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If you ask “What to see in Ladakh”, we would say “What not to see in Ladakh”. One of the highest and remotest regions in the world, Ladakh is the residence of Buddhist monks, the seat of monastic culture, the hub of monasteries, the haunt of austerity and the abode of peace in the lap of the Himalayas. Besides the beauty of nature, it is the monasteries or Gompas that make the serene landscapes of Ladakh worth several visits for photography, culture and history. Indian Eagle recommends a visit to the seven best Ladakh monasteries which have cradled the Buddhist culture and stood timeless for ages.
Shey Monastery is one of the most famous Buddhist monasteries in Ladakh. This monastery is a must visit in Shey, the once summer capital of Ladakh. Built in 1655 and dedicated to Singay Namgyal, Shey Gompa is popular for the gold-plated copper statue of Shakyamuni Buddha. There is a trekking route to the hillock which the monastery is located on. The other two attractions of Shey are the Shey Palace and the Rhupla Dance, performed by men in the guise of tigers.
You might want to know which the oldest and largest Buddhist temple in Ladakh. It is the Diskit Gompa in the Nubra Valley. Founded in the 14th century, the Gompa is steeped in solemnity. The prayer hall in the center of Diskit Gompa features a larger-than-life Maitreya statue which is surrounded by the impressive sculptures of other deities. The ceiling of this Ladakh monastery is decorated with the fresco of the Tibetan monasteries.
The only Ladakh monastery that commands amazing views of colorfulness is Hemis Monastery, founded in 1630. What makes Hemis Gompa a must visit is the belief that it is the wealthiest monastery in Ladakh. The majestic location of the monastery inside a gorge on the western bank of the Indus River is another attraction. It preserves a precious collection of ancient relics, a number of sacred thangkas, and gold & silver stupas. Besides, it is home to the Hemis Festival of Ladakh which fetches thousands of tourists to Jammu and Kashmir in June every year.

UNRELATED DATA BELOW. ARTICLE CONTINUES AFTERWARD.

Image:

Sankar Monastery stands still in seclusion and solitude at the end of a 3km long stretch from Leh. The abode of the head of the Ladakh Gelukpa, the monastery belongs to the yellow hat sect. It is somewhat adventuresome to climb up the hilltop where the Sankar Gompa is situated. Unlike other Ladakh monasteries, the Gompa is adorned with paintings on four sides.
Spituk Monastery is the only three chapel monastery in Ladakh. It was envisioned as the seat of a monastic community and patronized by Lha Lama Changchub Od. The sanctorum (Dukhang) of the monastery features a majestic throne for the Dalai Lama. The center of the Spituk Gompa has a dark old chapel where the life-size images of Tsong-kha-pa and his disciples are on display. This Ladakh monastery is famous for the Gustor Festival, a spiritual extravaganza.
Lamayuru Monastery is home to 150 monks in Kargil district. It retains distinction of being one of the largest monasteries in Ladakh. Established by Mahasiddhacharya Naropa, it is the official residence of the monks of the red-hat order of Buddhism. One of the five buildings that the Lamayuru Gompa consists of has succumbed to weathering and the test of time.
Likir Monastery is known as the abode of peace for the Nagas in Ladakh. Situated on the Leh-Srinagar Highway, the Gompa is bounded by two imposing images of serpent – the Nanda and the Taksako. The Likir Monastery preserves a huge number of clay images of Buddhist monks. Moreover, there are age-old manuscripts, thangkas, books and relics in the treasure trove of this Gompa. A massive Jupiter tree occupies most of the space on the courtyard. Domoschey Festival is a popular annual festival here.
Leh-Ladakh is just a flight away from Indira Gandhi International Airport, New Delhi, which is served by major airlines flying from major airports across the world. IndianEagle.com books flights to New Delhi at the best prices round the year.